Let me relate to you an interesting example of "zero waste" and "where does it go." I attended a technical conference in the midwest last week. The major focus was on retaining manufacturing capacity in the US, and extending US manufacturing into new areas/markets. One part of the program was on sustainable manufacturing and the opportunities offered in "green manufacturing". Most of my comments would have seemed familiar to you if you've been following this blog.
During one of the coffee breaks I was talking with an old friend who works at a major multinational corporation. He is one of those clever manufacturing engineers who helps to develop new manufacturing technology for production - all the way from buying machine tools to setting up production lines to tuning lines for top performance in the face of material or product variation. The kind of person who makes manufacturing hum.
His company has embarked on a zero waste initiative. So there is an attempt to reduce the amount of "non-product" moving into and out of their production facilities. He told me that, with respect to a precision assembly that they use in some of their products, he was trying to track down contamination that seemed to be responsible for some malfunctions on the finished product or, at least, requiring additional cleaning before installation to insure no malfunction. More and more "common" products are now dependent on incredibly tight tolerances for performance so any contamination can, like in the semiconductor industry, cause part failure or malfunction.
As they were doing a value stream mapping (VSM) exercise (see the Nov. 18, 2009 post for details on VSM) to see where this part goes as it moves from the outside supply chain into the production facility, they noticed a step in the process chain consisting of an additional outside facility, not part of the company. On further investigation, they discovered that this precision assembly was shipped from the supplier to an intermediary where the part was taken out of the protective packaging (disposable packaging) and put into reusable tubs (unprotected) for transport into the production facility and to the assembly line.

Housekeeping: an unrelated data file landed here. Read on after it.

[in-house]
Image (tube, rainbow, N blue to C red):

This "clever move" insured that no disposable packaging material entered the factory (and subsequently had to be disposed of) and only the reusable tubs circulated into and out of the factory. No waste - at least for that part and the assembly line. The "transfer" done at the outside facility had to deal with the packaging waste of course. But that was another company.
It didn't seem as if anyone was considering the increased handling, contamination, inventory (many of the TPS wastes listed above) in the drive for zero waste here.
And, of course, all the multinational had done was "outsourced" the waste to some other entity for this particular part of the manufacturing process.
Two steps forward - one step back.
(Green-manufacturing blog is going to take a 2 week hiatus for vacation - back again in early June!)